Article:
A very useful and practical way to preserve harmony within the Christian community is fraternal correction. In reality, however, this is easier said than done. Because we are afraid that it will worsen the situation we choose to talk about it with other people. Other times our pride holds us back from reconciling with our enemies. Jesus teaches us how to restore harmony in the community. The offended party has to take the initiative to go privately to the offender and discuss the matter. Only if the first step fails that a third party is consulted – first another person, then the Church community.
This gospel text about the process of reconciliation that Jesus suggests to be adopted by every Christian community is reflective of the practice of the Early Church. This is a structured way of dealing with conflicts and controversies. It represents the Early Christians’ interpretation of Jesus’ teaching on the readiness to forgive and testify to the God of mercy and compassion.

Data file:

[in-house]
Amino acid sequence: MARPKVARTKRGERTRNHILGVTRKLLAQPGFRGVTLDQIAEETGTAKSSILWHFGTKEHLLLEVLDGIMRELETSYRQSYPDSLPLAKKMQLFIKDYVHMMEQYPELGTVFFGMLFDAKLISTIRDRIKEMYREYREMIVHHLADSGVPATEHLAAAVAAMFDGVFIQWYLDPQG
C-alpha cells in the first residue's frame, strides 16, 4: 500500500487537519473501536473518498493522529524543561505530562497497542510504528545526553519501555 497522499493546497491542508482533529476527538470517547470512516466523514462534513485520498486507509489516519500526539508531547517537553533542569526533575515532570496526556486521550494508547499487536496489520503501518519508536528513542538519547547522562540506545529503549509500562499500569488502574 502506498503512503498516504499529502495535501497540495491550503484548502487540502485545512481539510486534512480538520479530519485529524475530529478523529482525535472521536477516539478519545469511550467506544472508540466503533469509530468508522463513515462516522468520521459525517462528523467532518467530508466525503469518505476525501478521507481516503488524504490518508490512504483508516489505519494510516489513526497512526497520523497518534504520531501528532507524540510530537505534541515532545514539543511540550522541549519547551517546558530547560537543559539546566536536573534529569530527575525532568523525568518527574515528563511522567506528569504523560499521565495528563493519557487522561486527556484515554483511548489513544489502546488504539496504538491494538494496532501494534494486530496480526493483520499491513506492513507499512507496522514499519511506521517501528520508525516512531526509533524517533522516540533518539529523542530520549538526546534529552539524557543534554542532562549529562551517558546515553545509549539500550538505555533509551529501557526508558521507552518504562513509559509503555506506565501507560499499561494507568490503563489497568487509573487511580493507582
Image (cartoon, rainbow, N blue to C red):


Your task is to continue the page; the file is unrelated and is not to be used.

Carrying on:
Thursday, 12 January 2017 10:01

August 15, 2017

A GospelGospel: Lk 1:39-56 -
          Mary then set out for a town in the hill country of Judah. She entered the house of Zechariah and greeted Elizabeth. When Elizabeth heard Mary’s greeting, the baby leapt in her womb. Elizabeth was filled with the Holy Spirit, and, giving a loud cry, said, “You are most blessed among women; and blessed is the fruit of your womb! How is it, that the mother of my Lord comes to me? The moment your greeting sounded in my ears, the baby within me suddenly leapt for joy. Blessed are you, who believed that the Lord’s word would come true!”
And Mary said,